Haunted by Hughes 

This fascinating biography details the descent into madness of Tucson's famous missile maverick

After I finished reading Geoff Schumacher's compelling new book about Howard Hughes, I got the urge to watch The Aviator again. Schumacher's Hughes is outlandishly crazy and sad, and I needed a little DiCaprio hero worship to balance it out before I wound up hating the racist, sexist, Red-baiting, egomaniacal billionaire.

Schumacher himself retains the same ambivalence about his subject. "While I'm not a big fan," he writes after ticking off the late aviator/industrialist's many faults, "I do find Hughes fascinating."

It's impossible not to, especially when it comes to the lurid, conspiracy-friendly years of Hughes' decline into drug addiction, germ-phobia and poor hygiene in a darkened Las Vegas hotel suite. Just as it is with the Kennedy assassination and other great American mythologies, Hughes' decline is fertile ground for cranks and theorists, mostly because there's so little verifiable information about those years.

Schumacher spent more than three years researching Hughes' life, with an emphasis on the truths, legends and lasting influences of Hughes' famous stay in a top-floor suite at the Desert Inn from 1966 to 1970, during which he went on a $100 million casino-hotel buying spree; he even bought a local television station, primarily so he could control the schedule of late-night movies that filled his sleepless, tortured nights. The author of Sun, Sin and Suburbia: An Essential History of Modern Las Vegas and a columnist for the Las Vegas Review-Journal, Schumacher read stacks of books on Hughes, shuffled through newspaper archives and interviewed many Hughes employees, friends and enemies still living in Las Vegas. The result is an informative and entertaining addition to the always-growing literature on Hughes, and it serves as both a worthy introduction to the aviator's later life and times--long after he'd slipped into madness and out of the once-adoring public eye--and a deeper discussion about his impact on Las Vegas in particular, and the West in general.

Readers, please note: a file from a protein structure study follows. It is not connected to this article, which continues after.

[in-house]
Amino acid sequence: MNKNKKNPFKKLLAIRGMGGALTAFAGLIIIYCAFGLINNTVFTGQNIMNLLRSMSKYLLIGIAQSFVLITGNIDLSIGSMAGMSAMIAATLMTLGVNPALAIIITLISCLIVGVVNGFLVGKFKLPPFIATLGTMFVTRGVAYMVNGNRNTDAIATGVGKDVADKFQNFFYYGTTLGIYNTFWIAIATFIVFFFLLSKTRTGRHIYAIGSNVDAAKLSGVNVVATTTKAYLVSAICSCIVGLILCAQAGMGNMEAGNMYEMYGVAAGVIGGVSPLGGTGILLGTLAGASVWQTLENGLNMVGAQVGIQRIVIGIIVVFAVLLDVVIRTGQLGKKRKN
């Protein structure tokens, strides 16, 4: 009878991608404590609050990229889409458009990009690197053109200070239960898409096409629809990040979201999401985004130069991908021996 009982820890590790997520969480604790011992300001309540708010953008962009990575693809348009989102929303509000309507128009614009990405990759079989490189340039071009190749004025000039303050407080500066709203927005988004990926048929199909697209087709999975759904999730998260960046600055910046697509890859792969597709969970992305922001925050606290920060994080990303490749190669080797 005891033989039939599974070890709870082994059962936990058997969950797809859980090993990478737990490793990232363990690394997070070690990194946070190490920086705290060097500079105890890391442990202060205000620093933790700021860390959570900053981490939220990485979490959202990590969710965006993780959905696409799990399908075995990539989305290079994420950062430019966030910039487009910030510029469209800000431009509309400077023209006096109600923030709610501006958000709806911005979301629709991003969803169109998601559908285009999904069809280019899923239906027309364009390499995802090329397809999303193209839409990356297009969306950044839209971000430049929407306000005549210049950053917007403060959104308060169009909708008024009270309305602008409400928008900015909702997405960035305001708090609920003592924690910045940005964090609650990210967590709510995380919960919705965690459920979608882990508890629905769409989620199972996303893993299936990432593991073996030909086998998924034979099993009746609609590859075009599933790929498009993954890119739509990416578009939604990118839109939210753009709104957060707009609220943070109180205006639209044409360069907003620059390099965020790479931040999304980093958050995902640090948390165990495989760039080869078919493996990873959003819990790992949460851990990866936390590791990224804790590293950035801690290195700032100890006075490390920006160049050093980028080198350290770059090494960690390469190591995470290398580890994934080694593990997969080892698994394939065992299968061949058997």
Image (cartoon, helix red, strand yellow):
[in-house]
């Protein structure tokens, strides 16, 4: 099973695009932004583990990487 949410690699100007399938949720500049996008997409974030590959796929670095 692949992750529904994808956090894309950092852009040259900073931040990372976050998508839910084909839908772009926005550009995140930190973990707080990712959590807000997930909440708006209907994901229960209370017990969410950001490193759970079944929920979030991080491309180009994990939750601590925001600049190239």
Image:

Of particular interest are the various assessments of Hughes' impact on Las Vegas' growth and reputation. The consensus seems to be that, while Hughes never showed his face in public there, and he didn't actually build anything there, his mere presence and heavy investment gave the once mob-haunted playground a kind of business-friendly legitimacy that helped usher in the corporate heyday still in swing. How many other people could impact a city's future simply by hiding out in a hotel room, blasted on codeine and Valium? Perhaps Hunter S. Thompson.

Hughes' character is softened a bit when Schumacher relates how the aides and executives who were supposed to be keeping him safe and sane instead likely hastened his addictions and death to enrich themselves. By the time he died, Hughes' many companies were in disarray, and his cousin needed to come in and save the empire. True to form in the Southwest, it wasn't casinos, aviation or weapons that turned around the Hughes fortune in Vegas, but land development.

Tucson is mentioned several times in the book, and there's even a hint that the Old Pueblo could have been the site of Hughes' hideout instead of Vegas. Bob Maheu, Hughes' right-hand man and official public face during the Vegas years, told Schumacher that in the mid-'60s, Hughes considered moving to Tucson, where he'd already set up a manufacturing plant in 1951. Hughes loved the desert, considering it free of the germs that stalked him. (There's a great scene in The Aviator in which the young Hughes sees a stand of saguaros in a film he's watching, and whispers something like, "so clean.") Ultimately, though, Hughes soured on the desert due to his inability to stop nuclear testing at the Nevada Test Site, fall out from which he obsessively feared.

While he never moved to Tucson, Hughes did, of course, have a presence here. Hughes built the Falcon--the world's first air-to-air guided missile--and many other missiles and weapons here. Hughes Missile Systems was eventually bought up by Raytheon, which is Southern Arizona's largest private employer today.

One of the most interesting sections of Schumacher's book is a chapter he calls "Hughesiana," in which he skirts the tangential and obscure regions of scholarship about Hughes and critiques many of the fictional accounts and movies based on Hughes' life and character. The take-away from reading this is that someone could end up giving a good portion of a life to the study of this strange man, and Schumacher admits that he is now "haunted by Hughes."

I'm not sure I'd want to find myself in a similar position--being haunted by a man who is so hard to admire--but I'm certainly glad the bug bit Schumacher.

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